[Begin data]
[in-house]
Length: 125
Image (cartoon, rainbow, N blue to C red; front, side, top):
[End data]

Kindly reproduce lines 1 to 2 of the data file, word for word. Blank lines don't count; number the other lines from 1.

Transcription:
[in-house]
Length: 125